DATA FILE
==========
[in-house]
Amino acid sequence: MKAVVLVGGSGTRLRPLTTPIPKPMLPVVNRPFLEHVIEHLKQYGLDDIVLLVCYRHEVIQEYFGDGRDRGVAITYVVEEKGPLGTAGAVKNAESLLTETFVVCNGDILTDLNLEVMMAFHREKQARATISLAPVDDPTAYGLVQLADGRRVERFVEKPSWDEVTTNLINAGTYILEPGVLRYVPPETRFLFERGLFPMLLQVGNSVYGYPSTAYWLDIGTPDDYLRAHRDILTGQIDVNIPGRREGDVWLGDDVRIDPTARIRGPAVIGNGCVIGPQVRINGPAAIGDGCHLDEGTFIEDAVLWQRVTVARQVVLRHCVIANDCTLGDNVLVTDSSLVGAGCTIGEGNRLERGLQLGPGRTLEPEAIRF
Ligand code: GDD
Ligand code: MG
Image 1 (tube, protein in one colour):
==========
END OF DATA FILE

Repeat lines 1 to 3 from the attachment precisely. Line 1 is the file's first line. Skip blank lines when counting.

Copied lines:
[in-house]
Amino acid sequence: MKAVVLVGGSGTRLRPLTTPIPKPMLPVVNRPFLEHVIEHLKQYGLDDIVLLVCYRHEVIQEYFGDGRDRGVAITYVVEEKGPLGTAGAVKNAESLLTETFVVCNGDILTDLNLEVMMAFHREKQARATISLAPVDDPTAYGLVQLADGRRVERFVEKPSWDEVTTNLINAGTYILEPGVLRYVPPETRFLFERGLFPMLLQVGNSVYGYPSTAYWLDIGTPDDYLRAHRDILTGQIDVNIPGRREGDVWLGDDVRIDPTARIRGPAVIGNGCVIGPQVRINGPAAIGDGCHLDEGTFIEDAVLWQRVTVARQVVLRHCVIANDCTLGDNVLVTDSSLVGAGCTIGEGNRLERGLQLGPGRTLEPEAIRF
Ligand code: GDD